41
      2
    • Posted by Frank on

      Exactly like I said few weeks ago, that it’s going to be an embarrassment to the group and for the whole nunavut territory, certainly a big waste of money and a big embarrassment. Everybody knew exactly what the outcome was going to be. I, myself am very embarrassed because I live in nunavut. I mean, did they actually think they would be granted? It was already hopeless from the get go. Imagine them wishing they can just hide when heading home, lol.

      31
      4
      • Posted by Embarrassed? on

        If you are embarrassed, there’s a daily flight south. Go live where you won’t be embarrassed

        9
        25
        • Posted by Frank on

          Ok, very easy to tell you are a relative to one of the people who tried making the super hero attempt to do the impossible,lol

          15
          2
          • Posted by Embarrassed? on

            So just because I’m telling someone to get out of Nunavut who’s embarrassed to live here, makes me a relative to someone in the delegation? I don’t even know who these people are. Why live in a place where you are embarrassed to live?

            5
            14
            • Posted by josywales on

              Yea Frank, seems you are one of those who would rather put people down who are trying to make a difference. Like the previous texter said, there are flights going outside of Nunavut, do not be embarrassed as you leave.

              3
              3
            • Posted by Today, In Out of Touchness on

              It doesn’t make you a relative, but telling someone to leave is generally considered bigoted.

              Clearly, the individual you are replying to is staying and making Nunavut better, for that we should be grateful.

              “My territory right or wrong” is quite out of touch with the zeitgeist of the times.

              1
              4
  3. Posted by wondering on

    Next time..pick up the phone first..NTI who..im sure that was their response.

    58
    7
  4. Posted by Get used to it… on

    Under a Conservative Government NTI will also get these types of answers here in Canada, where their positions are often based on rhetoric and emotion, not law and reason. They are too used to being placated. Our Federal and Provincial Governments should take note that there are instances where they can deny requests from indigenous organizations and be within the bounds of the law.
    .
    It is unfortunate that Rivoire will not ever face charges, but NTI has other options that would find justice for individuals and their families civil court: to date there has never been any formal judicial decision confirming the allegations that have been made are, in fact, true, and leaving this as-is is a disservice to those unable to see the charges tried in the criminal courts.
    .
    People will say that justice requires punishment. I would argue a verdict confirming what is alleged actually happened is more important, and even if tried and convicted then the criminal process provides no guarantees of adequate punishment for sex offenders. Anyone thinking that any individual that advanced in age and condition would spend a day in a jail cell is naive.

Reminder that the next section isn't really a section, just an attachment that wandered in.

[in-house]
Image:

29
    9
  5. Posted by Leave it to Beaver on

    Too bad NTI doesn’t read Nunatsiaq News comment sections, because everybody other than NTI knew that this exact thing would happen. They could’ve used their money on something more productive.

    60
    6
  6. Posted by Wow on

    Now that is a civilized country, they know how to protect their citizens even if they committed horrendous acts and broke the law.

    15
    9
  7. Posted by Curious on

    I’m curious how the French society feels about harbouring a child molester? Are they fine with their government protecting such a person?

    If things were reversed and we had a child rapist and France was trying to bring him to justice and Canada was protecting him, would we feel outraged or be ok with it?

    It just seems like France is in the wrong here and they could be doing the right thing. I wonder if there are a lot of criminals being protected in France if they do things this way?

    22
    12
    • Posted by Let’s Move On on

      OK! Let’s move on! He’s going to be punished for his sins when he meets the maker…it’s time to let go and move forward to make sure this does not happen again. This still exists within our own communities-let’s concentrate on that instead.

      30
      15
      • Posted by Barry on

        Breaking News. “Let’s Move On” says Indigenous people should ‘just get over’ centuries of crushing colonialism.

        15
        30
    • Posted by Important Details on

      The reason France does not extradite their own nationals is because they cannot be guaranteed that once they do, their citizens will face a fair trial void of bias, emotion, and politics. Canada would do the same.

      20
      5
    • Posted by Presumption on

      The presumption of innocence applies under Canadian law and the French system is no different. France has their rules and they follow them, which is no surprise. You need to understand that what we have been seeing under Trudeau Miller and Lametti spouting rhetoric about guilt and criminal conduct when no one ever set foot in a court room in this matter and others is very very unusual, because politicians typically take the line that the presumption of innocence applies and the courts will make a determination. Instead we have had an election cycle of politicians playing the court of public opinion tunes without regard to the consequences of it. They also play it the other way when major Quebec companies are charged with criminal conduct in other states by trying to influence the prosecutor to drop it and throwing unwilling attorneys general out of the liberal party. This conduct is not normal, but being close to Trump land it seems mild when in fact it isn’t mild at all.